Athletics News

Arnold (Red) Auerbach
Arnold (Red)  Auerbach

Basketball (Inducted 1959)



Arnold "Red" Auerbach was a defensive specialist for Colonials' basketball at GW from 1937 through 1940. Auerbach earned accolades as a leading scorer during his senior year, when he served as team captain and scored 162 points. The three-year letterman, who scored 334 career points with the Colonials, received a B.A. in education in 1940, a M.Ed. in 1941 and an honorary Doctor of Public Service in 1993, all from GW. He remained a GW basketball season ticket holder until his death in 2006, and a banner and red seat honor him at the newly renovated Smith Center.

Auerbach spent the first three seasons of his professional career with the Washington Capitals of the Basketball Association of America (precursor to the NBA), followed by one season coaching the Tri-Cities Hawks. He became head coach of the Boston Celtics in 1950, winning nine championships, including eight consecutive. He made NBA history by drafting the league's first African American player, Chuck Cooper. Auerbach retired from coaching in 1966, and at that time had won more games (938) than any other coach in history. He then served as president and front office executive of the Celtics until his death. In 1968, Auerbach was enshrined in the Basketball Hall of Fame in Springfield, Mass. In 1980, he gained top honors as the Greatest Coach in NBA History, as well the league's Executive of the Year. In 1985, the Boston Celtics retired the #2 jersey in Auerbach's honor; in 1991, he was inducted into the American Jewish Sports Hall of Fame. And in 2006, he was selected as one of the NCAA's 100 Most Influential Student-Athletes.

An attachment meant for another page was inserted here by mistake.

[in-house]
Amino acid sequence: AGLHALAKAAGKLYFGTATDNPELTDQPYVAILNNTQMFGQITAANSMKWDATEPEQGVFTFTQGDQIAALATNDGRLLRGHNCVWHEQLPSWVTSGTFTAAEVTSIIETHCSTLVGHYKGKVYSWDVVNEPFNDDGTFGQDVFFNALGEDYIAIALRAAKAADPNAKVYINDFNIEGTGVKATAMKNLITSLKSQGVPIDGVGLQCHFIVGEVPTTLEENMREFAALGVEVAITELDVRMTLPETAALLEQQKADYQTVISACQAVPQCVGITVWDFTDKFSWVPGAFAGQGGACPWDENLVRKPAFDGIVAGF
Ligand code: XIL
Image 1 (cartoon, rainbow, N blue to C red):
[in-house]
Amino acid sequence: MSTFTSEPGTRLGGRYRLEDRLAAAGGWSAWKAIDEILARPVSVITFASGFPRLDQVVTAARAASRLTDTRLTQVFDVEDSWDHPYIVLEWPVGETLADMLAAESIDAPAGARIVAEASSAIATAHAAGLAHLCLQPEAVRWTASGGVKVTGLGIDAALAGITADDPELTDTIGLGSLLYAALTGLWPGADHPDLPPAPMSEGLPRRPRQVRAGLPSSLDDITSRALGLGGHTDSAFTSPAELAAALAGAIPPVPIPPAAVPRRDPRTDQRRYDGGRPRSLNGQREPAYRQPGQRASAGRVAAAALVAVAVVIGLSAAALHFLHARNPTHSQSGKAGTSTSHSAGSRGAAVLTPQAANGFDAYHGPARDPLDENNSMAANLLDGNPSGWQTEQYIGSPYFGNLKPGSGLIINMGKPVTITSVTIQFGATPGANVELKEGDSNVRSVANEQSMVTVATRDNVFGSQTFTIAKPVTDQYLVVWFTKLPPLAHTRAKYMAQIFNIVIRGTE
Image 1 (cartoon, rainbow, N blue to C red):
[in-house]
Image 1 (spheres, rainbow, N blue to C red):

Auerbach authored seven books on basketball, including best-selling Basketball for the Player, the Fan and Coach. A life-sized sculpture of Auerbach remains at Boston's historic Faneuil Hall Marketplace.

Auerbach died at age 89 on October 28, 2006 and was preceded in death by wife Dorothy, also a GW alum. They had two daughters, Nancy and Randy.